IUD (Intrauterine Device)
An IUD is a small, T-shaped plastic and copper device that is inserted into the womb (uterus) by a specially trained doctor or nurse.
The IUD works by stopping the sperm surviving in the womb or the fallopian tubes. It may also prevent a fertilised egg from implanting in the womb.
The IUD is a long acting reversible contraception (LARC) method. The IUD is a non-hormonal method of contraception and can be used whether or not you’ve had children.
Do you know?
- There are different types of IUD and they can work between 5 to 10 years.
- It can be put in at any time, as long as you’re not pregnant. It can also be removed at any time by a specially trained doctor or nurse.
- The IUD does not protect against sexually transmitted infections (STIs) you will need to use condoms as well.
- It’s non-hormonal so your fertility returns to normal once the IUD is removed.
Who can use the IUD?
Most women can use an IUD. This includes women who have never been pregnant and those who are HIV positive. Your doctor or nurse will take your medical history and check to see if this is the most suitable form for you.
You should not use the IUD if you have:
- an untreated STI or a pelvic infection
- problems with your womb or cervix
- any unexplained bleeding from your vagina – for example, between periods or after sex.
After having a baby
An IUD can be fitted 4- 6 weeks after giving birth (vaginal or caesarean). In some cases it can be fitted within 48 hours of giving birth. An IUD is safe to use when your breastfeeding and won’t affect your milk supply.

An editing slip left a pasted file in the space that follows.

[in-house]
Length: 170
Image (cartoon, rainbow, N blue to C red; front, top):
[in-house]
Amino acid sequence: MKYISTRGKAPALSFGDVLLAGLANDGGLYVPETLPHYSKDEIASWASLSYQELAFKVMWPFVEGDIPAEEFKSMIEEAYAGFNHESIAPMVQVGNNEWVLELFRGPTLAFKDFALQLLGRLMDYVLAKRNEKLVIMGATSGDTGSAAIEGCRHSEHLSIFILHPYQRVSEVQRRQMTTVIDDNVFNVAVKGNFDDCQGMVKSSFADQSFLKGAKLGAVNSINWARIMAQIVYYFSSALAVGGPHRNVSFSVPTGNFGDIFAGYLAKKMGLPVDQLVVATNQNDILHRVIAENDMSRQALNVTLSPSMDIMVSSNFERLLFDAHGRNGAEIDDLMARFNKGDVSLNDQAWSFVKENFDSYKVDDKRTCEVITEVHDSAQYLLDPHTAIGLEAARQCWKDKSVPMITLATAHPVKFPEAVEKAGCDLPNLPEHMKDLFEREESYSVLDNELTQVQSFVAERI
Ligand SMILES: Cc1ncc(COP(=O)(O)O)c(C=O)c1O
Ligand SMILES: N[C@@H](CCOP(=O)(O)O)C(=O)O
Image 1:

After a miscarriage or abortion
An IUD can be fitted straightaway or with 48 hours after a miscarriage or abortion by an experienced doctor or nurse, as long as you were pregnant less than 24 weeks. If you were pregnant more than 24 weeks then you may have to wait a few weeks before having an IUD fitted.
- It does not interrupt sex
- Once fitted, the IUD works immediately and lasts for between 5-10 years
- It can used by women who cannot use hormonal forms of contraception such as the contraceptive pill, vaginal ring, IUS and contraceptive patch
- It’s not affected by other medicines
- It does not protect you from STIs
- Your periods may become heavier, more painful or last longer
- If you do become pregnant while you are using the IUD there is a small risk of ectopic pregnancy
- There is a small risk of perforation of the uterus
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